The psychological build-up to Anthony Joshua’s prospective summer clash with Tyson Fury starts now, according to the man who masterminded one of heavyweight boxing’s greatest upsets.
Seventeen years ago in Louisville, Jim McDonnell convinced the famously flaky Danny Williams that he had the beating of Mike Tyson, then still just about regarded as the ‘Baddest Man on the Planet’.
And McDonnell believes mind games could prove crucial in determining who has the edge between Joshua and Fury, after Joshua’s promoter Eddie Hearn claimed the pair had signed a lucrative two-fight deal this week.
McDonnell told the PA news agency: “Everybody knows that physicality-wise there’s nothing in it. But 80 per cent of the sport is in the mind, and that’s why people make Tyson Fury favourite – if they gave points for press conferences, he’d win them all on points.”
McDonnell ended Barry McGuigan’s career and made two unsuccessful bids for the world super-featherweight crown, before becoming a successful trainer, first with Williams then in leading Olympic champion James Degale to a world title.
Picked as a patsy by Tyson for his latest comeback attempt, McDonnell employed a series of psychological devices in order to convince the Brixton no-hoper he had what it took to pull off his seismic fourth-round stoppage win.
McDonnell recalled: “Everyone had seen the way Danny had frozen in some of his previous fights and they didn’t give him a prayer.
“But it was about getting inside his mind, creating this situation where when he walked to the ring he was so convinced he was going to win that fight that most of the job was already done.
“I offered sparring partners one thousand pounds of my own money if they could knock Danny down in the first two rounds. I wanted to recreate what it was going to be like when Tyson came out of his corner.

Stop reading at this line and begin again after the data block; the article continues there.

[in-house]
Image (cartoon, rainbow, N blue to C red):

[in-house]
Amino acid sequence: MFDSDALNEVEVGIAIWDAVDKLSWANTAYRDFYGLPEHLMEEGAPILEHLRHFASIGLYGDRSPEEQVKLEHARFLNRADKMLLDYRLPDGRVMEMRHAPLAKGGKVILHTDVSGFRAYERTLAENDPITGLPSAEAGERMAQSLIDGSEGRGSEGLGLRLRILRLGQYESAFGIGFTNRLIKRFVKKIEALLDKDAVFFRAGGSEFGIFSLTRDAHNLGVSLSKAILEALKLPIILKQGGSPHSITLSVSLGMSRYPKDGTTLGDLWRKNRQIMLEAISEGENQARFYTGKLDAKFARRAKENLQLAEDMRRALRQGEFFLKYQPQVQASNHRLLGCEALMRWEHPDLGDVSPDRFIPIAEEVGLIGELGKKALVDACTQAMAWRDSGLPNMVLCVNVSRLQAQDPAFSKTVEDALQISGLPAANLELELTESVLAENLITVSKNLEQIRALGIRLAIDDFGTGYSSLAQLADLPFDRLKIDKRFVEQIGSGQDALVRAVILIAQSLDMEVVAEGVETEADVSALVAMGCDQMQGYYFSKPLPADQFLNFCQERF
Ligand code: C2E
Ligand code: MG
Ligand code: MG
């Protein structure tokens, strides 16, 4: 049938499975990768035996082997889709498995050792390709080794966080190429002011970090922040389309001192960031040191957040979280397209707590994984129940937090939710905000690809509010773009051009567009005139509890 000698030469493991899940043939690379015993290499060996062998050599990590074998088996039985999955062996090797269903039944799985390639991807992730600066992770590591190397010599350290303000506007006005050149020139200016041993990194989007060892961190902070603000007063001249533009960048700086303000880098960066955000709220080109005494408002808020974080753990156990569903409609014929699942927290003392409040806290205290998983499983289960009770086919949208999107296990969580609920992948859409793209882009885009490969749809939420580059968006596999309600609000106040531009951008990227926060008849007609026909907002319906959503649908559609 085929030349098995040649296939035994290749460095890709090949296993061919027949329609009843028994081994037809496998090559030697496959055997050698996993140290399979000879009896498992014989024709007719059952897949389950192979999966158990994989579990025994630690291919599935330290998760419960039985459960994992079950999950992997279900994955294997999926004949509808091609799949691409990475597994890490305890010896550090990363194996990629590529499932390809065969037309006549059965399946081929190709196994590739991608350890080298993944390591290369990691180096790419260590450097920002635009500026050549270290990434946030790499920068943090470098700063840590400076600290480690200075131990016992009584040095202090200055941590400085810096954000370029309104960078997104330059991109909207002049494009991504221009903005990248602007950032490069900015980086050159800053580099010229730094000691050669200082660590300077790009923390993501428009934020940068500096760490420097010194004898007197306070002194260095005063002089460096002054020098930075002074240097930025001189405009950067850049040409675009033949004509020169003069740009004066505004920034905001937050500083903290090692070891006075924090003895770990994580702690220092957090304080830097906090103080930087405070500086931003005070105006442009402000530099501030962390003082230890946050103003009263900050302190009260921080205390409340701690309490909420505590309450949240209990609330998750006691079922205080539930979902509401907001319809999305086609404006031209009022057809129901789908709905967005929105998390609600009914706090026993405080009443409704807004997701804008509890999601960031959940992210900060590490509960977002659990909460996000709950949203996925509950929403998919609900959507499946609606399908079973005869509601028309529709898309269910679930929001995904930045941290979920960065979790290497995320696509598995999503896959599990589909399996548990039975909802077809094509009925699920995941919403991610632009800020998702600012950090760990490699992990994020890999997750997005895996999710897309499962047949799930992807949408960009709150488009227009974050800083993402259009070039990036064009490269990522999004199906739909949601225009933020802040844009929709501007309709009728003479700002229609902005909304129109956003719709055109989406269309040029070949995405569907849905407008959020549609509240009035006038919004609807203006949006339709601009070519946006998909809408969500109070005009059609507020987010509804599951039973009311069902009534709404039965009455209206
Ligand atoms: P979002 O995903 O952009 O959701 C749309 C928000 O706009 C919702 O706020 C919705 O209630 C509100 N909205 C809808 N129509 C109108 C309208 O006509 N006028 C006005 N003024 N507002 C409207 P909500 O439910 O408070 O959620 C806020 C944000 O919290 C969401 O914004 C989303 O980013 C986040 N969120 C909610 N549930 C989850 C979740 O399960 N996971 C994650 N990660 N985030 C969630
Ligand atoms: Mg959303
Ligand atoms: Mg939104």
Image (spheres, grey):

“When Danny beat Tyson it wasn’t luck. You can come to the ring looking great and with your six-pack or whatever, but what really matters is the mind, and Danny was ready for anything.”
McDonnell believes the ability of Joshua’s camp to convince their man he has the beating of Fury could prove crucial in a contest for which opinion over the outcome is generally divided.
And he would not be surprised to see the Olympic gold medallist employing some uncharacteristic mind games of his own in a bid to wrong-foot Fury, who has a history of leading pre-fight build-ups from the front.
“Tyson Fury is king of the mind games, but if Joshua can get himself into a position where his mind is the same as someone like Floyd Mayweather when he is walking to the ring, then I make him favourite to win the fight,” added McDonnell.
“Obviously in order to beat Tyson Fury you need great ability and you’ve got to be super-fit, but I think you’ve also got to take the build-up to another level.
“What you want with Fury is the personal side to come out, something that turns him from the ring genius into the guy who’ll meet Joshua in the centre of the ring and make it personal.
“Fury is so good at the mind games, he’s up there with the likes of Muhammad Ali. That’s what makes him so hard to beat – but it’s also what Joshua has to work on so that he will go into this fight with the advantage.”